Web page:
On Wed, Nov 6, 2013 at 1:40 AM, Stefan Salewski <mail / ssalewski.de> wrote:
> On Tue, 2013-11-05 at 16:23 -0800, Justin Collins wrote:
>> This is a block, just like any other block.
>
> Yes indeed -- in Ruby each loop is in first order a block,

Not each loop but #each loop. :-)

$ ruby -e 'for i in 0..5; j=i; puts i; end; puts "--", j'
0
1
2
3
4
5
--
5

There is no block with a for loop.

> that is what
> I forgot. For a block this behaviour is well documented. I have a loop
> with two iterations, in the first iteration I make some expensive
> calculations, which I would like to reuse in the second iteration. So I
> have to define that variables before the loop, and of course I have to
> write j = 0; 2.times{|i| -- not 2.times{|i; j|.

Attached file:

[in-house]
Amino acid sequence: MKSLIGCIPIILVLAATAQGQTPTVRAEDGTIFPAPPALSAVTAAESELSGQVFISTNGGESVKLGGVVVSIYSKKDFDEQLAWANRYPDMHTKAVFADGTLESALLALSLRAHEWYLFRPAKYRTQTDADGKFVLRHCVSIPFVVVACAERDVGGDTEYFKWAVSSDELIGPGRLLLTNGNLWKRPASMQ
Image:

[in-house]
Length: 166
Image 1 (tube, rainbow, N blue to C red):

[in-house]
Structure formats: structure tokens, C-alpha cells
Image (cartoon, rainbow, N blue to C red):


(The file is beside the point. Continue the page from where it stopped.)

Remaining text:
>
> I should really try hard to remember that.

Basically it's the same with most languages with nested scopes:
variables are visible in the smallest surrounding scope. There are
some subtleties in some languages but that rule covers many cases -
certainly for the more popular languages of today.

Depending on what you do #map or #inject might be alternatives (i.e.
if you calculate values per original value or aggregate data in a
single object). There's also #each_with_object.

Kind regards

robert

-- 
remember.guy do |as, often| as.you_can - without end
http://blog.rubybestpractices.com/